He has participated in many group exhibitions in Yugoslavia, the Netherlands and the USA.
His work has been published in a variety of periodicals and books all over the world.
Among many awards which he received for his work are:
“Plaque The International Golden pen of Belgrade, 1994”, Yugoslavia;
The “Art Show Judges Choice Award” – 59th World Science Fiction Convention, Philadelphia, 2001, US.;
Two Silver Awards from “Spectrum 4 and Spectrum 10 – The Best in Contemporary Fantastic Art”, U.S.;
Gold Award “Spectrum 16 – The Best in Contemporary Fantastic Art”, U.S.
From the beginning of 2000 he has dedicated himself to gallery art. Of the exhibitions where he has participated, the most worthy of mention is the Exhibition of Independent Realists. This exhibition, organized annually at the Mohlmann Museum from the Netherlands, offers clear insight into the creative achievements of contemporary Dutch artists in the domain of realist and figurative art. In addition to painting, he continues to do illustrations.
Two other significant projects should be mentioned. He painted 10 book covers for books of children's fantasy literature for the American publisher Scholastic Inc. Likewise, he illustrated the Serbian folk take “Prava se muka ne da sakriti”(“Real Trouble Cannot Be Hidden") for Bazar Tales, a publisher from Norway. In his work on the book, The Legend of Steel Bashaw, he has invested enormous time and effort. This project, for him of the greatest importance, was started in 1993. Including shorter and longer breaks, the longest of which lasted 7 years, he has been working on the book for 15 years, finally finishing it in August of 2008.
His original work is to be found in the private collections in Serbia, the Netherlands, Germany and the U.S.
Very interesting post. I'm actually working on a piece set in a swamp right now. 🙂
I wonder what happens to that 85% number from spectrum 18 when you look at all the entries instead of the published pieces? Perhaps it speaks more of art directors and judges than of artists?
In any event this was a pleasant read.
I totally agree with everything you said. Art should be a reflection of yourself; of your passions. Nature is my biggest inspiration and I am far more comfortable in a field or forest than I am in city or suburban area. I also believe that art should be something that is not selfish. My main goal as an illustrator is to one day inspire and enrich, to show worlds unseen and mysterious but also familiar. I hope with my art that I do not alienate anyone, but to invite them in.
I think where one lives can have much to with it. Gallen-Kallela and Bauer are both scandinavian, where a strong connection with nature is an integral part of the national identities…
Petar, thanks for sharing these deep thoughts and memorable quotes. You raise a lot of interesting issues. Perhaps part of the problem for us in the western tradition is that the natural wilderness is often associated with evil, darkness and malevolent spirits. So it ends up as the repository of monsters in most films and books. In the Bible, the wilderness often has a sense of Chaos, where a person can leave society to sort themselves out.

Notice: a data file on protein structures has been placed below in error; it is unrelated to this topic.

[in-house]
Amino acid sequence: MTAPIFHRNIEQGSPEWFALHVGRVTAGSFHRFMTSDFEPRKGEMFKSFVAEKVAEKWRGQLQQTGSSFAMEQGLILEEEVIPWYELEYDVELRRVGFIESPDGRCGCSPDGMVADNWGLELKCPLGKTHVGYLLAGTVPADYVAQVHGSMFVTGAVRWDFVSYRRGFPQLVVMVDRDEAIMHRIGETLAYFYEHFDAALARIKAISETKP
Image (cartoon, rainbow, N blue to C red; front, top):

From a storyteller's point of view, these associations are OK, part of our creative toolkit, but it's good to be aware of them. I remember being struck by how Miyazaki's films, especially Totoro, present a fresh view of the alluring magic of nature. His films have been a big influence on some of the greatest fantasy artists of nature, such as Charles Vess.
On a more practical or trivial note, painting forests and foliage is just technically difficult, so maybe that's one reason why people paint a lot of rocks instead. I remember visiting Frazetta on his homestead in Pennsylvania, and as we looked out at the forest, I asked him if he ever took his paints out there and did an outdoor study. He gave me that wide-eyed look and said: “I tried that once. No way. It's just TOO MUCH!”
Good point, Joshua. Lots of artists I follow are using the natural world as subject matter. But at this time period, the inner city seems more desirable in which to live than the country–for the young people at least.
And industrial/apocalyptic/destructive subjects are big right now–even/esp in film. It's sorta the “cool” thing, and many art directors and judges seem overly anxious to appear cool. (There aren't many hipsters at Walden Pond.) Maybe like anything, it's cyclical.
Yes, the problem might be that people aren't actually going outside enough, let alone into the countryside. This can possibly be why some modern fantasy art can be very, very samey. What seems to be happening is that people are copying a style of depicting 'nature', rather than observing actual nature. Even a fanstastical tree, for example, can be derived from looking at actual trees. You don't even have to go into the countryside to see trees. Trees grow in cities too. Staying indoors and image googling for trees isn't enough either!
Petar, this is perhaps your best post yet. There *is* something missing in fantastic art, and it's nature. Green trees, blades of grass. A flower. To remove them from art is to remove one portion of ourselves. It's why, Petar, your art resonates so well with people. You give us the whole picture. Humans and nature.